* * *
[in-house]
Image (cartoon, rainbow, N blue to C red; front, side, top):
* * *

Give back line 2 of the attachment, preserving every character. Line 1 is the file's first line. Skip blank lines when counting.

Image (cartoon, rainbow, N blue to C red; front, side, top):